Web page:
Innovation can drive change for most disadvantaged children – UNICEF Report


Innovation can drive change for most disadvantaged children – UNICEF Report

Global News 00:37
On the 25th anniversary of the Convention on the Rights of the Child, The State of the World’s Children report lays out an agenda for change
NEW YORK/ HONG KONG, 20 November 2014 – Urgent action is needed to prevent millions of children from missing out on the benefits of innovation, UNICEF said in a new report launched on the 25th anniversary of the Convention on the Rights of the Child. Connectivity and collaboration can fuel new global networks to leverage innovation to reach every child, according to the children’s agency.
SOWC2015 The State of the World’s Children Report – Reimagine the future: Innovation for every child calls on governments, development professionals, businesses, activists and communities to work together to drive new ideas for tackling some of the most pressing problems facing children – and to find new ways of scaling up the best and most promising local innovations.

The report is a crowd-sourced compilation of cutting-edge innovations and an interactive platform that maps innovations in countries all over the world and invites innovators to put their own ideas ‘on the map’.

“Inequity is as old as humanity, but so is innovation – and it has always driven humanity’s progress,” said UNICEF Executive Director Anthony Lake. “In our ever-more connected world, local solutions can have global impact – benefiting children in every country who still face inequity and injustice every day.

“For innovation to benefit every child, we have to be more innovative – rethinking the way we foster and fuel new ideas to solve our oldest problems,” said Lake. “The best solutions to our toughest challenges won’t come exclusively either from the top down or the grassroots up, or from one group of nations to another. They will come from new problem solving networks and communities of innovation that cross borders and cross sectors to reach the hardest to reach – and they will come from young people, adolescents and children themselves.”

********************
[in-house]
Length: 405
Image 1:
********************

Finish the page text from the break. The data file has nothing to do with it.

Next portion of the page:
Children use a computer at a small-group home in the south-eastern city of Rustavi. Small-group homes accommodate children who cannot be adopted or reintegrated into their biological families. The homes were established following the closure of a local children’s institution; they are supported by UNICEF and the Georgian NGO Child and Environment. Children in the homes are assigned ‘mother’ and ‘father’ caretakers, who create a family-like environment for a small number of children.  In January-February 2010 in Georgia, UNICEF continues to support efforts to improve care and protection for vulnerable children, particularly impoverished and disabled children left without parental care. It is estimated that over a million children in Eastern Europe and the Commonwealth of Independent States are living in institutions, many of them abandoned by families unable to care for them due to poverty or disability. With support from UNICEF and other partners, the Government of Georgia has launched multiple efforts to reduce the number of children living in institutions. Deinstitutionalization efforts include establishing fostering, adoption and community-care alternatives to institutionalization and providing assistance for families in poverty and families with disabled children. Beginning in 1999, the Government enacted child welfare reforms and recruited social workers to support families at risk of placing children into institutions. By 2008, the number of children living in state-operated institutions dropped to 2,600, although others may continue to live in non-state facilities. UNICEF and partners complement the Government’s efforts with additional services for vulnerable children, including foster care, small-group homes, day care and education support. Further efforts are required to provide appropriate care to children with disabilities, and to provide economic and other assistance to families in need.
© UNICEF/NYHQ2010-3011/Pirozzi